Is it Possible to Know How Long You’ll Want to Keep Working?
Whether to keep working or retire is one of the most difficult decisions you’ll make in life. It changes everything, and starts a whole new phase. While there’s no crystal ball, one thing is for sure: Being cautious with this choice can only serve you well.
CNBC’s Kelly Holland explains in the article, “Ready to Retire? Maybe Not Just Yet,” that it’s rarely a bad idea to delay retirement for as long as you can.
You might not predict the exact number of years you’ll stay in the workforce. But you can learn more about what retirement means, and get a clearer picture of when you’ll be ready for it.
Retirement Doesn’t Automatically Herald Social Security
The classic idea of retirement is clocking out of work once and for all. But that’s not entirely accurate, at least not for everyone. Many retirees continue to work, even if not full time. Also, working or not doesn’t determine when you’ll claim Social Security benefits, nor how much you’ll draw. They’re separate decisions for you to make.
Some people consider retirement the time when Social Security benefits start. But the Social Security Administration’s bulletin, “Behavioral and Psychological Aspects of the Retirement Decision,” explains that you can claim benefits while remaining in the workforce.
You can also delay claiming Social Security until age 70, even if you stop working earlier. If you wait, you’ll acquire delayed credits, which will increase your monthly benefits permanently. On the other hand, if you claim them early, at age 62, you’ll draw less permanently.
Work Longer and Earn More Pre-Tax Savings
Your retirement savings accomplishments are a big indicator of whether you’ll want to keep working or retire. Obviously, the more you’ve saved, the better prepared you’ll be. But if you’re not where you’d like to be, there’s probably still time to make up the difference.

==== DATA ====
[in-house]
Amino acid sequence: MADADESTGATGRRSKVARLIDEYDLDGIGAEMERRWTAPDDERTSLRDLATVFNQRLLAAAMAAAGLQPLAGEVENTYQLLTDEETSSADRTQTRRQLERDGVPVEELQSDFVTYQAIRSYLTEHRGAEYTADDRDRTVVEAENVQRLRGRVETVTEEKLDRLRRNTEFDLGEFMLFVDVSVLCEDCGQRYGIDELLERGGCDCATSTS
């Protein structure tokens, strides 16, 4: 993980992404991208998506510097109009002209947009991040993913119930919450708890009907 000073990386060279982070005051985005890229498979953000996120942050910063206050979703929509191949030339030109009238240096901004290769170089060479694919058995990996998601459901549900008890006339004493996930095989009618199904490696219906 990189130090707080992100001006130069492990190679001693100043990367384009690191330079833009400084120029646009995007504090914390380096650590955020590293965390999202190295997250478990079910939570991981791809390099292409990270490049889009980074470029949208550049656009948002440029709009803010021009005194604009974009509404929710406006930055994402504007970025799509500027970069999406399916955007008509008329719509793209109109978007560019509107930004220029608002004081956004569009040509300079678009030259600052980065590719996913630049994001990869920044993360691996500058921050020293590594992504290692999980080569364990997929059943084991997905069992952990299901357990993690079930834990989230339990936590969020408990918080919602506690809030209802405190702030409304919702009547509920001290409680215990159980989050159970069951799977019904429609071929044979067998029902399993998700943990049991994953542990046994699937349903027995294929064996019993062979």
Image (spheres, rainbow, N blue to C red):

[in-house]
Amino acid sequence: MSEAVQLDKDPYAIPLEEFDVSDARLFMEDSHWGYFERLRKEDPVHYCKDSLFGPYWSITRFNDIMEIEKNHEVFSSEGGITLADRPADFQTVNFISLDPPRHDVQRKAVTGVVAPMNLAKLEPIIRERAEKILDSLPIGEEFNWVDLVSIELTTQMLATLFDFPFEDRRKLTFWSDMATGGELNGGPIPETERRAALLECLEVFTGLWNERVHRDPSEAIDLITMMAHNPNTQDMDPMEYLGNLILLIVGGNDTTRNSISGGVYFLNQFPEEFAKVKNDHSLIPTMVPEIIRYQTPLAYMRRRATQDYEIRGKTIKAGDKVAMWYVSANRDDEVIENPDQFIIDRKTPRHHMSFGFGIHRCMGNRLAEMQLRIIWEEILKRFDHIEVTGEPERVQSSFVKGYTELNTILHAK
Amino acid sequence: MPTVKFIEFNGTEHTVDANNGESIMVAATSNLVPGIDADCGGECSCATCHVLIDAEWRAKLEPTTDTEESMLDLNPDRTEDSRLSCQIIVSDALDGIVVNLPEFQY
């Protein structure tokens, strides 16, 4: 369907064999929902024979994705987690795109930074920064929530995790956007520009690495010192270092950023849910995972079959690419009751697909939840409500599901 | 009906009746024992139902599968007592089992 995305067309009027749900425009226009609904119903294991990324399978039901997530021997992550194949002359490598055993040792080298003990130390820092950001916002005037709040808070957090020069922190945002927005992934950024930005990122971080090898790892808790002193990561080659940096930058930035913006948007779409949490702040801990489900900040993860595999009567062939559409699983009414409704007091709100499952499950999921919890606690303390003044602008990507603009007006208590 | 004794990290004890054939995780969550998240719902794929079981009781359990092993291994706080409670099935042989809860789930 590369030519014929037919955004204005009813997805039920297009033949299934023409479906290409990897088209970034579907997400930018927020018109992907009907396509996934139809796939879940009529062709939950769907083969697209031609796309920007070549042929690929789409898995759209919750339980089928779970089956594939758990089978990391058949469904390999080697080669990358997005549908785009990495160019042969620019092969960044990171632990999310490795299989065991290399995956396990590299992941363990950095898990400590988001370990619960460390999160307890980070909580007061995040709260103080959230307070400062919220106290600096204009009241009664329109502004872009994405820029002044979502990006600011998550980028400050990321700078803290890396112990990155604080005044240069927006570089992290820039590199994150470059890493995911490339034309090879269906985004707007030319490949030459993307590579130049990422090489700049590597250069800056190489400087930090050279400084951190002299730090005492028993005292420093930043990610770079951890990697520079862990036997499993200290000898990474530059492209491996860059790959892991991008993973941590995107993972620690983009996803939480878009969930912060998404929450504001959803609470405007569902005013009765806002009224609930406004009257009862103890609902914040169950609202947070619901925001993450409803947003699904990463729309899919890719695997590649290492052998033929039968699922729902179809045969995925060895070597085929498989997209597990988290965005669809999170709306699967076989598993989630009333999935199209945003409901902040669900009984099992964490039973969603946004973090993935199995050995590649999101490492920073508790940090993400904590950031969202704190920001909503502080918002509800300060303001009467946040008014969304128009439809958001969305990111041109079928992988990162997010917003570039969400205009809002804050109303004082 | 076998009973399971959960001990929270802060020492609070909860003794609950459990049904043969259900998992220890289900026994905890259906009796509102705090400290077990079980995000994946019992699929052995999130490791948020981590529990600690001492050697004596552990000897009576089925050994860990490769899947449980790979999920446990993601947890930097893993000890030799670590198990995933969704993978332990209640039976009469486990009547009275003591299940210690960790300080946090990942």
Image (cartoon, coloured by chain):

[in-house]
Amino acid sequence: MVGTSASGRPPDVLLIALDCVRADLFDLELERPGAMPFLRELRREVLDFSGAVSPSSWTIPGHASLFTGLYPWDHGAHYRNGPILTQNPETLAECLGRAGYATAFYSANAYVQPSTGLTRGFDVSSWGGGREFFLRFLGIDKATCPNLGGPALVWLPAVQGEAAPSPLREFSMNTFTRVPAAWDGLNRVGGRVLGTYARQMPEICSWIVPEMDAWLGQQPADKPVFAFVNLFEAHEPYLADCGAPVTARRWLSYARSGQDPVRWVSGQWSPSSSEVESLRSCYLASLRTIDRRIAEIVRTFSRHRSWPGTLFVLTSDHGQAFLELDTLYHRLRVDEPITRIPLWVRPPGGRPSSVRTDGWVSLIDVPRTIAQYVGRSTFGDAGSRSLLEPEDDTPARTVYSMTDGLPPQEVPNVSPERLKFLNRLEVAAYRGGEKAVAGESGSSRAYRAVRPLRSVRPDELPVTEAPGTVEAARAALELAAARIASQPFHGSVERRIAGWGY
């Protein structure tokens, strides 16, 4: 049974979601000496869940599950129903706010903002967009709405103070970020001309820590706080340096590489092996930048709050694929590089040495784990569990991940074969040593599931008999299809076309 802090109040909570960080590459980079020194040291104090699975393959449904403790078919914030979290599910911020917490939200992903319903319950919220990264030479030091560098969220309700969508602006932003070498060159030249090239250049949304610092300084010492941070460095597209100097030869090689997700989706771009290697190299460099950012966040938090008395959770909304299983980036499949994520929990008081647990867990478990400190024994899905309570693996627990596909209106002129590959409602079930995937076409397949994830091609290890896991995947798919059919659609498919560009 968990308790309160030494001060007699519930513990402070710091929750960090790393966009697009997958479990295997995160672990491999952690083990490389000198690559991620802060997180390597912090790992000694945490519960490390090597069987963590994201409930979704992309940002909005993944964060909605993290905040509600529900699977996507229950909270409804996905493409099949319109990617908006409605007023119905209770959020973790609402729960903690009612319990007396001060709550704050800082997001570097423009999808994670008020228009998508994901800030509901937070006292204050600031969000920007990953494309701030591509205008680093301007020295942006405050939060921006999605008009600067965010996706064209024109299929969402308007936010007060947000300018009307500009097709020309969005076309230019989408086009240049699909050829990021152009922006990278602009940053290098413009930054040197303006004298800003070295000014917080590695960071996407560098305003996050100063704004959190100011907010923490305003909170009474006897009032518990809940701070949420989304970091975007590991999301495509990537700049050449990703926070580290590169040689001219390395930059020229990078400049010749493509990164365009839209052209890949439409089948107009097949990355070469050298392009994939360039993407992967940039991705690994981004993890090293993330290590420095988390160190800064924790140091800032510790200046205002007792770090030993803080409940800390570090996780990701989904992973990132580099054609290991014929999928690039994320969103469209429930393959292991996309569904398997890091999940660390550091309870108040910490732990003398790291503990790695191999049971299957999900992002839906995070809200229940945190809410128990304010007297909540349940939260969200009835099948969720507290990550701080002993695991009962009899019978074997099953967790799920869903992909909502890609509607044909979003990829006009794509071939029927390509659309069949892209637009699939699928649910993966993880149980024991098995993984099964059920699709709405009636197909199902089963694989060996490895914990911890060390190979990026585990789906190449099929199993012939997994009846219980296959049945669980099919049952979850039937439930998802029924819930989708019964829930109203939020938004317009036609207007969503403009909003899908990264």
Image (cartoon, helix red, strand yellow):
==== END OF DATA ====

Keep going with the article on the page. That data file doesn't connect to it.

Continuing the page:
If you’ve planned and saved for many years, and hopefully invested well, you should have ample resources set aside for a healthy retirement income, even if you’re still working. Social Security is not a healthy income; you’ll need more.
If you got a late start with planning, however, you may need more time to earn and save. Staying in the workforce can give you that chance through employer-sponsored 401(K) and IRA plans. After age 50, you can take advantage of catch-up contributions, which allow you to save more than you could when you were younger.
Your Plans May Change as Retirement Grows Near
One concerning trend, according to the SSA bulletin, is that people who choose to retire later often change their mind once the chance to retire early becomes real. When you’re too young to retire at all, it’s easier to say that you’ll retire later in life. But once the opportunity to retire early arrives in earnest, even with a lower benefit, it’s harder to walk away from it.
That’s where sticking to your guns can mean the difference between a comfortable retirement with plenty of income, or one where you’ll never draw as much as you otherwise could have. The primary concern with retiring too soon is that your income will run out.
The bulletin further suggests that you can’t really predict everything that could go wrong in the future. All you can do is delay retirement for as long as you can.
Is it really possible to know how long you’ll work? Maybe not, but you can plan well to cover more bases. Staying in the workforce longer could serve you well. You’ll earn more money, and have more opportunities to save.
Just remember that quitting work isn’t tied to when you’ll receive Social Security benefits. If you have other resources, you can stop working earlier and delay your benefits to draw more later.
NewRetirement understands that retirement planning isn’t simple. That’s why we offer a host of resources to help you every step of the way. To get started, try our retirement calculator and see where you stand right now.